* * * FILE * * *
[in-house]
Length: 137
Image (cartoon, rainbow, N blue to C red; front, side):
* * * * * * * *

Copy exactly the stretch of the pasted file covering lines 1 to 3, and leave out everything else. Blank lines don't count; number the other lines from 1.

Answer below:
[in-house]
Length: 137
Image (cartoon, rainbow, N blue to C red; front, side):